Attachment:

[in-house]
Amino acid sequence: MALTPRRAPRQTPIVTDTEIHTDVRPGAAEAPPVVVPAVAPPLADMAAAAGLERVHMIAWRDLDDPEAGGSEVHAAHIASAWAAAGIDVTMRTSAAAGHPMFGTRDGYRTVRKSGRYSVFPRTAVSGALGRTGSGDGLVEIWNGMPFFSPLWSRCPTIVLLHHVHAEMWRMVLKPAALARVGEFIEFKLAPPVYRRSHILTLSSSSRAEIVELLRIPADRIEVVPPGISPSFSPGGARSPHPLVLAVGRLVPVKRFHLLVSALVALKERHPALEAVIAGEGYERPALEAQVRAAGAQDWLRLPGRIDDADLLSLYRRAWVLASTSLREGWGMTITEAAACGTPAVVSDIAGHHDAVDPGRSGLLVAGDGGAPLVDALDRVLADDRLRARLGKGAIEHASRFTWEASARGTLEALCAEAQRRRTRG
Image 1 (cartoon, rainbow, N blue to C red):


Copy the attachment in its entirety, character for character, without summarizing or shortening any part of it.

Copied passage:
[in-house]
Amino acid sequence: MALTPRRAPRQTPIVTDTEIHTDVRPGAAEAPPVVVPAVAPPLADMAAAAGLERVHMIAWRDLDDPEAGGSEVHAAHIASAWAAAGIDVTMRTSAAAGHPMFGTRDGYRTVRKSGRYSVFPRTAVSGALGRTGSGDGLVEIWNGMPFFSPLWSRCPTIVLLHHVHAEMWRMVLKPAALARVGEFIEFKLAPPVYRRSHILTLSSSSRAEIVELLRIPADRIEVVPPGISPSFSPGGARSPHPLVLAVGRLVPVKRFHLLVSALVALKERHPALEAVIAGEGYERPALEAQVRAAGAQDWLRLPGRIDDADLLSLYRRAWVLASTSLREGWGMTITEAAACGTPAVVSDIAGHHDAVDPGRSGLLVAGDGGAPLVDALDRVLADDRLRARLGKGAIEHASRFTWEASARGTLEALCAEAQRRRTRG
Image 1 (cartoon, rainbow, N blue to C red):